Fire safety in residential multi-occupancy buildings is a key issue of our times. We spoke to Richard Izzard of AliDeck to find out more about successful fire safety remediation of balconies.
Leaseholders and building owners up and down the country have been caught in an incredibly frustrating and difficult situation across the last several years. In the aftermath of the Grenfell fire, mortgage lenders became increasingly reluctant to provide loans on properties in high-rise buildings.
The Royal Institution of Chartered Surveyors (RICS), the Building Societies Association (BSA), and UK Finance came together to develop the External Wall Fire Review scheme (and its EWS1 survey form) to provide an industry-led solution. Sadly, the scheme was derailed almost immediately following launch when the Government amended its building safety guidance in the Consolidated Advice Note of January 2020.
Since then, leaseholders and prospective buyers have faced demands from lenders for completed and passing EWS1 forms for multi-occupancy buildings of any height. The result of this has been nothing less than chaos, with lead times for surveys often estimated in years rather than months.
While many buildings have failed EWS1 for the presence of flammable wall cladding, a surprisingly large number of buildings have failed due only to combustible materials on balconies. Timber or composite decking is very common, being used on new-build balconies across the UK until only quite recently, so the scale of this particular problem is vast.
For buildings that fail EWS1, the only solution is to fully remediate all fire safety issues, replacing combustible materials with non-combustible alternatives to remove or minimise fire risk.
“We have conversations with leaseholders every day about their failed EWS1. Almost always, they are somewhat confused about the situation as, sadly, there is still significant obscurity surrounding the whole issue.” says Richard.
For homeowners that live in a building that has failed EWS1 due to the balconies, their key question is, “How can I resolve this?” Unfortunately, individual leaseholders in a block are unable to independently remediate their own balconies to resolve the problem.
“The EWS1 failure applies to the entire building,” explained Richard. “A passing survey will not be achieved until all fire safety defects in the whole block are remediated.”
While this is often frustrating news for individual leaseholders to receive, the upshot of it is that by remediating entire buildings in one fell swoop a positive outcome is much more assuredly achievable.
Building regulations, amended in 2018, now require all materials in the external envelope of multi-occupancy buildings to be non-combustible, rated A2-s1, d0 at minimum. Specifying materials with this EuroClass A Rating for fire performance is an instant route to compliance with regulations and resolves concerns for EWS1-failed balconies.
With aluminium decking acting as an easy-to-install direct replacement for timber or composite decking, the logistics of refurbishing even large buildings with many decked areas are relatively straightforward.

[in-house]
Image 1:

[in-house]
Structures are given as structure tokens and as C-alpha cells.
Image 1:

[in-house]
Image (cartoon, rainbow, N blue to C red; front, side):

While it can still represent major work, particularly for high-rise developments with many dozens of balconies, the fact that the issues in balconies are easily accessible rather than being concealed within the wall system of the building does mean that the works can be completed quickly.
Many thousands of homeowners have been impacted by the turmoil in housing through this year and 2020, trapped in unmortgageable properties and often facing large remediation bills. This intolerable situation has been raised in Parliament time and again, with politicians of all hues demanding urgent resolution. The difficult fact has been, though, that until new guidance from the government is provided, lenders will continue to practice caution regarding risk.
Finally though, real change is imminently due with the publication of PAS 9980. Due to be published in December, PAS 9980 is a “publicly available specification” developed by the British Standards Institution at the request of the government. This code of practice is intended to achieve a standardised approach to all aspects of fire risk appraisal and assessment in external wall construction to provide clarity for all stakeholders.
Michael Gove MP, as new Housing Minister, has declared that the January 2020 Consolidated Advice Note shall be withdrawn “by Christmas”, replaced by PAS 9980. It has been touted as the end of EWS1 but many stakeholders have expressed doubts.
“The danger is that one set of rules is simply being replaced by another and it is not yet clear that the fundamental concerns that lenders in particular have will be answered by this,” said Richard. “The draft of PAS 9980 that was issued during consultation earlier this year contained a lot of important details to move further towards a fire safe future and I remain optimistic, but I do suspect that banks will continue to push for proof that buildings are unlikely to require remediation before lending.”
This is the key point to understand regarding EWS1; the scheme was never intended to prove that a building was safe, only that it was unlikely to require costly remediation in the future that might devalue the property or cause the homeowner to default on their mortgage.
The Consolidated Advice Note caused problems because it was worded in such a way that made it legally unambiguous that combustible materials in the external envelope of any building should be removed and replaced. It remains to be seen if PAS 9980 will help banks feel more confident about the risk profile of unremediated multi-occupancy buildings.
“As ever, the surest route to fire safety is to remove combustible materials and replace them with non-combustible alternatives,” concluded Richard.
Richard Izzard is managing director of AliDeck